Veröffentlicht am 11. Juni 2008 von Alexander Trust
Marshall H. is a teenager from Kansas, USA, a real smart one. He is into retrogaming and customizing, hence Marshall’s last project aimed at customizing and converting an old Atari 2600 videogame console into a portable handheld. He took advantage of his father’s woodworks shop tools but of course built the whole thing himself and named it Multari. What Atari says to it and what future plans Marshall has? – He told Sajonara all about. Also see our gallery with all of Marshall’s photos of the development process and of the finalized Multari at the end of this article.
Alexander Trust: Where and when did you get the idea of customizing and converting an old Atari 2600 into a mobile handheld?
Marshall H.: I have been playing Atari games on a PC emulator for some time. I enjoy playing the games, and wanted to be able to play a variety of them in a handheld format, but didn’t want to carry around the game cartridges. Fortunately, I found the Atari Flashback 2, which is essentially the original Atari circuitry condensed into a very small, efficient PCB. By programming a Flash ROM chip with the data of about 32 games, I am able to switch between them.
Alexander Trust: What about Copyrights? Has Atari intervened yet?
Marshall H.: I haven’t had any complaints or cease-and-desist letters. I don’t expect to get any, mainly because Atari is not a company in good enough shape to spend money going after enthusiasts like me. Now, if I was to produce several thousand of these using the Atari name and branding, that would be a problem.
Alexander Trust: Do you have any plans concerning a professional selling of your Multari?
Marshall H.: No, the building process is far too labor-intensive and time demanding. It was mainly just a fun project.
Alexander Trust: Have you had some help with your work, or was it a real one man show?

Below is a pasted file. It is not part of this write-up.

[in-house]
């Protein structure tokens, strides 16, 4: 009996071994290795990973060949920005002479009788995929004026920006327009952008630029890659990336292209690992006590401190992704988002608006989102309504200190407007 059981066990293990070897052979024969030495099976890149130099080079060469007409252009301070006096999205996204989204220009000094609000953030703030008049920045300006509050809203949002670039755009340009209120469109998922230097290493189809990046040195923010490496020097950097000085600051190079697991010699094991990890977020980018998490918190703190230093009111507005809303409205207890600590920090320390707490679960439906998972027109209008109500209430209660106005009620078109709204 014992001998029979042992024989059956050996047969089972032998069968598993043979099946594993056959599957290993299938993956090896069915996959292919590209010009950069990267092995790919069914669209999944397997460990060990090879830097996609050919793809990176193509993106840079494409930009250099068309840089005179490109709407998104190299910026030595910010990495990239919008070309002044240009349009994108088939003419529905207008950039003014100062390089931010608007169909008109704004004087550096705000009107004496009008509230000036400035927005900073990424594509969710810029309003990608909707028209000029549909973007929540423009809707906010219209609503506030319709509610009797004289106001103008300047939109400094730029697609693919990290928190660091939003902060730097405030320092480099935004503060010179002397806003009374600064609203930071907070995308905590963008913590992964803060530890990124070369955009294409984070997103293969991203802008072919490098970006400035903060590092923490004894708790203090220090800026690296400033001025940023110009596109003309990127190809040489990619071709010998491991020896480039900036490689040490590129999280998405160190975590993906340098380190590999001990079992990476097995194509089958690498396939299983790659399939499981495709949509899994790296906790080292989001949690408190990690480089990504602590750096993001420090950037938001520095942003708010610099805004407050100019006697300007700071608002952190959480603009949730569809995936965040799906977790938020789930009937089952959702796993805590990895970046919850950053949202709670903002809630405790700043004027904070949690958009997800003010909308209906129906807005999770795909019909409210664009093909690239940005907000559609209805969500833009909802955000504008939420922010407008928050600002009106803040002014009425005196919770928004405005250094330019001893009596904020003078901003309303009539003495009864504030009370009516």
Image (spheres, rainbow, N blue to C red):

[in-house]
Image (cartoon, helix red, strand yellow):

Marshall H.: I have been into building portables for about three years now. My first two were both Nintendo 64 portables. Fortunately I was able to use my dad’s woodworking shop to make the wood case mold, but I built the entire thing myself.
Alexander Trust: Can you imagine developing further games for a system like the Atari 2600 (Multari)?
Marshall H.: I have looked into Atari game programming, and it is quite a challenge. Although I haven’t done any myself, there are some fantastic homebrew games being developed for the Atari. There’s a lot of good information over at AtariAge.
Alexander Trust: Do you think that creative potential like yours is underestimated by economy?
Marshall H.: I didn’t have any problems funding the project. I already had most of the parts I needed from past projects. If I wanted to commericalize this somehow, maybe produce a Atari multicart with bankswitching support, that would not be a problem with the current economy. It is actually not that bad here, the news media makes it sound worse than it actually is, which is the case for a lot of other things too. But I digress.
Alexander Trust: What are your future plans? Which home console can we expect to be customized by you next?
Marshall H.: My next plans are either a Dreamcast portable, or, more likely, another Nintendo 64 portable with a custom ROM cartridge I am designing. But currently my interest lies in working on cars.